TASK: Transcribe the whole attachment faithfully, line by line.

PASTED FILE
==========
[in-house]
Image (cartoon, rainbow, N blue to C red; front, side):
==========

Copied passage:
[in-house]
Image (cartoon, rainbow, N blue to C red; front, side):